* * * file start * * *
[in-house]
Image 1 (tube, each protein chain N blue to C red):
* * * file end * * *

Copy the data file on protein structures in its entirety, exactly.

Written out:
[in-house]
Image 1 (tube, each protein chain N blue to C red):